Jason Carlyle Hicks
Staff Sergeant, United States Air Force
ARLINGTON, Virginia - As the rain beat down on the mourners, a Pave Hawk helicopter flew low over Arlington National Cemetery, by the grave site of U.S. Air Force Staff Sergeant Jason C. Hicks.
The South Carolina-raised newlywed was flying in the same type of aircraft when it crashed in Afghanistan last month, killing all six aboard.
Hicks' family and friends - many in uniform, the rest in black - gathered Tuesday to bury him at Arlington, across the Potomac River from the Washington Monument and among some of the nation's greatest war heroes.
Before a sea of white headstones, they prayed and shook in grief. Hicks was 25.
They also cried for his widow, Hicks' bride of two months. In tears, Crystalyn Nollen Hicks accepted the flag that had draped her husband's white coffin and hugged it to her chest.
"This afternoon we add another individual to the record of names who are identified as loving this country more than self," said Mark Thomas, an Air Force Captain and Chaplain.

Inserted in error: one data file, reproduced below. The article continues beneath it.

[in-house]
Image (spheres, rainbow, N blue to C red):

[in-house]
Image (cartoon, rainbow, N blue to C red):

"The cost of adding the name of Staff Sergeant Jason Hicks comes at a high price. He gave all to ensure freedom for all. We remember the words of Jesus from the Gospel of John when he said, 'Greater love has no one than this, that he lay down his life for his friends.'"
Family and friends, only a fraction of whom could fit under a temporary awning to shield them from the rain, huddled close as they remembered Hicks' life.
Born in Charlotte and raised in Jefferson in Chesterfield County, the athletic, blue-eyed boy played football from fifth grade until his senior year at Central High School in Pageland, from which he graduated in 1996.
He enlisted in the Air Force and planned to make it his career, but also planned to retire before his 40th birthday and open a seafood restaurant.
Hicks met Crystalyn Nollen when he was training to be a flight engineer in Albuquerque, New Mexico, after he re-enlisted in 2000. They were married January 27, 2003, so she could accompany him on his next assignment in Japan.
They had planned to throw a bigger wedding May 1, 2003, after he returned from Afghanistan.
On the Pave Hawk on March 23, 2003, Hicks was on his second and last tour of duty in Afghanistan. In only four days, he was scheduled to return to his home at Moody Air Force Base in Valdosta, Georgia.
The assignment that day was to transport two Afghani children with life-threatening head injuries to get medical help in Kandahar, in southern Afghanistan. The Pave Hawk crashed in a thunderstorm before the crew could pick up the children.
Hicks' family takes solace in that he died doing what he loved.
"It was the life he chose," his sister Janet Barbee said days after his death.
And it was a duty he took pride in, Captain Thomas said.